There was a big difference between the general pattern of artistic activity in South Africa and the circumstances that gave rise to Modern Art movements in Europe. Initially South African Art was extremely conservative, mirroring the prevailing cultural conservatism.
Accepted Artwork in South Africa tended to be landscapes according to traditional Western Art Principles whose aims since the Renaissance period was to create art works that copy reality. Until Modernism, art was seen as an illusion of a small piece of reality in a frame. The principles of perspective were used to create an illusion of 3 dimensions on a flat surface.
Modernism is a term applied to the innovative development of the arts in the 20th Centuary which saw a break with realism and naturalism and other such traditional art forms. Post-Impressionism, Cubism, Surrealism, Dadaism, Expressionism were all born in this era and the artists saw themselves as shifting boundaries, the ‘avant-garde’; confronting the widely accepted ideas that already existed. Modernism can be seen to represent the breakdown of appearance in works of art of the form of the natural world into shapes, colours and materials. Exaggeration, distortion and abstraction are all tools used. (Ref)
In traditional South African art during the colonial era, artists’ artwork generally depicted images of South Africa in as accurate detail as they could make it. Artists such as Thomas Baines travelled the country recording its flora, fauna, people and landscapes, which was a form of reporting for people, much like National Geographic would do today..
Later artists excepted by the South African public and institutions, like Jan Ernst Abraham Volschenk and Gawie Cronje still continued to use traditional Western Art principles to depict especially landscapes of farms and the country.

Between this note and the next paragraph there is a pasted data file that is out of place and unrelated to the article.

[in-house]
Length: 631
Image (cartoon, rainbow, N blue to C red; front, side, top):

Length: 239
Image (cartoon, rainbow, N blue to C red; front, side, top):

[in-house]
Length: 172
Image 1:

Towards the end of the 19th century, several artists began, through their work, to show an artistic vision of life as lived in South Africa, for its own sake. With Union of South Africa in 1910 which brought the formal end of the colonial era, art was beginning to form its own national identity. Artists like Irma Stern and Grerard Sekoto started to use the techniques of post-impressionism, fauvism and expressionism, using bright colour and unusual composition, with a personal point of view. Artists like Pierneef and Walter Battiss also started to look at the indigenous rock art in South Africa with their stylistic form, simple outline and flat colour and overlapping planes, as well as using geometric interpretation of objects introduced by the Cubists.
Western Primitivism vs ‘”White Settler” Primitivism
In Europe the adoption of ‘primitive art’ motifs and themes served as a revolutionary tool against established ‘art’ in art-salons after the First World War. Utopian parallels were drawn between the ways ‘primitive man.’ White people in the colonies with European origins also called “White settlers” experienced an emerging preoccupation with a national identity. To form a national identity, that is different from their European origins, both the natural environment and the indigenous culture were incorporated as reference points in their art.